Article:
Indoor/outdoor learning experiences are vital making students more aware of their environments and importantly, connecting them to the natural world. Designers are recognizing the value and psychological benefits of incorporating green spaces into their building design. These might be inner courtyards featuring gardens, living walls or living rooftops as well as landscaping around buildings. It has been estimated that biowall systems can eliminate 60-90% of pollutants with a single pass while reducing overall airborne pollutant concentrations by more than 25% (Nedlaw).
Studies also demonstrate the value of green spaces on the mental development of young children, particularly, in terms of reducing stress and absorbing traffic pollution. In addition, offering students views of plant life, fields and trees to juxtapose roads and buildings, will enhance student learning and overall well-being.
Traditionally in North America, educational institutes opted for subdued, dull colours thinking vibrancy would over stimulate students and hinder their concentration. However, this is not the case. Europeans have been using colour playfully and to great effect in their schools. And in Singapore’s, Nanyang Primary School ribbons of rainbow colour line the outdoor hallways that circumnavigate a central courtyard creating a hopeful environment for learning.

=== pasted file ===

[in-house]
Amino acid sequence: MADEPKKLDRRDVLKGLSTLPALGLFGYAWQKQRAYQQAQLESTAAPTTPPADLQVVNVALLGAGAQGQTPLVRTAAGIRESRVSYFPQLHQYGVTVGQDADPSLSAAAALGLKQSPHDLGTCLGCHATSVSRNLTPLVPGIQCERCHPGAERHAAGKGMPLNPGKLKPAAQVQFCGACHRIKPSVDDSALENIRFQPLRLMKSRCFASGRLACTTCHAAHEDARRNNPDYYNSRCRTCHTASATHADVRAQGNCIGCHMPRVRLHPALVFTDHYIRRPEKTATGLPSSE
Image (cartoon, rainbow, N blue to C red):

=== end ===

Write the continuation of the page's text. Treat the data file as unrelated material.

Colour can be used creatively throughout a campus for a variety of reasons:
- To build brand and identity – School colours can be used throughout a campus to reinforce brand and build school spirit.
- For way-finding and navigation in schools and around campus – Warm colours specifically draw attention and are ideal for visual, way-finding cues.
- Space identification – Colour can be used to identify certain areas and can extends to furniture which can be tailored to a university’s brand standard reinforcing school colours and brand.
- Establish a specific mood or ambiance – bright, warm colours are stimulating and encourage play while cooler colours enhance learning and comprehension. According to the Color Matters research institute, colour choice can, in fact, improve learning 55-78% and comprehension as much as 73%.
Great strides have been made in the design world in terms of accessibility for differently-abled and non-traditional students. The special needs of special students have pushed the design world in exciting and innovative ways. For example, tactile walls help blind students navigate Hazelwood School in Scotland empowering them to move around their school unassisted. In addition, bays and classrooms vary in shape and size to cue students to their whereabouts. Ultimately, accessibility is forcing the design world to think in different ways resulting in innovations that have broader applications and benefits.